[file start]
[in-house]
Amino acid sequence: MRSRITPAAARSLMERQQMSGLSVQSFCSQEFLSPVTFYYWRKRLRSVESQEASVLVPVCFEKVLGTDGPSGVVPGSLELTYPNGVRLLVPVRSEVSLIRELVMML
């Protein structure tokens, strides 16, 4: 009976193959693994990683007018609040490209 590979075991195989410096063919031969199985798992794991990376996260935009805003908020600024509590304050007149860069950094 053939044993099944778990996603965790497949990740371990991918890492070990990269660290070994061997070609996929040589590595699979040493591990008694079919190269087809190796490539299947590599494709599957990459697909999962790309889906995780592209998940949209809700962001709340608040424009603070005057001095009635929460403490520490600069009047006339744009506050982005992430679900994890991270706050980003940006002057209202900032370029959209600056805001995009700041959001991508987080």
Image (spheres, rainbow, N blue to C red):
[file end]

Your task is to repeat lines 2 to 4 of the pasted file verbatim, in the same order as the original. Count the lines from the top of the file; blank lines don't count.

Amino acid sequence: MRSRITPAAARSLMERQQMSGLSVQSFCSQEFLSPVTFYYWRKRLRSVESQEASVLVPVCFEKVLGTDGPSGVVPGSLELTYPNGVRLLVPVRSEVSLIRELVMML
């Protein structure tokens, strides 16, 4: 009976193959693994990683007018609040490209 590979075991195989410096063919031969199985798992794991990376996260935009805003908020600024509590304050007149860069950094 053939044993099944778990996603965790497949990740371990991918890492070990990269660290070994061997070609996929040589590595699979040493591990008694079919190269087809190796490539299947590599494709599957990459697909999962790309889906995780592209998940949209809700962001709340608040424009603070005057001095009635929460403490520490600069009047006339744009506050982005992430679900994890991270706050980003940006002057209202900032370029959209600056805001995009700041959001991508987080």
Image (spheres, rainbow, N blue to C red):